Please refer to Fair Use principles when re-posting, quoting, and/or excerpting the video-production posted here.

Friday, July 16, 2010

Constructs of Masculinity and Femininity in an Episode of Glee

In Glee, a television show about a group of misfit high school kids brought together by a newfound glee club, masculinity and femininity are displayed in every character.  Kurt Hummel portrays an excellent blend of these two gender roles. The episode “Preggers” shows how he deals with the pressures of conventional societal beliefs and fitting into high school. It portrays the way he feels the need to conceal the person he really is.  Kurt attempts to exude typically masculine and heteronormative traits to hide his true non-normative identity.

Kurt displays masculine traits in order to prove to his father that he is truly a male according to the patriarchal system. When Mr. Hummel walks in on Kurt recreating a Beyonce video with Brittany and Tina, two other members of the Glee club, the three glee kids quickly come up with an excuse for the way Kurt is dressed as to encourage the masculine idea already in his father’s head. They claim he is in an exercise outfit used by the football team that he has recently joined.  The football team represents the competitiveness and aggression that Mr. Hummel expects from his son.  Kurt takes this to the next level when he actually does try out for the football team to continue to please his father’s patriarchal view.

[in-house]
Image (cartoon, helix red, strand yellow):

Patriarchy is the male-dominated societal structure that is present in today’s society.  In patriarchy, things that are defined as masculine, like toughness, are seen as favorable, and feminine traits, like emotion, are seen to be unfavorable.  Since patriarchy has “manhood and masculinity most closely associated with being human” (Johnson 94), Kurt feels as though he must comply with society’s ideas. He is attempting to conform to that belief so he can be what is expected.  

 Additionally, when asked about a girlfriend, Kurt claims that Tina is his significant other to appease the heteronormative assumption his father has made.  He hides his true identity in “the closet” to prevent any disappointment or embarrassment it may bring.  Because society feels that anything other than a heterosexual relationship is inappropriate, Kurt feels the need to let certain members of his community believe he is conforming to the heteronormative society.

Heteronormative is the acceptance that a heterosexual relationship and sexual identity is the standard in society.  Newman argues that, “social institutions and social policies reinforce the belief” (60) that heterosexual is normal.  Because they are considered normal, “heterosexuals are socially privileged” (Newman 61). Kurt seems to act with this ideology, and against what he really feels is his identity to avoid ridicule.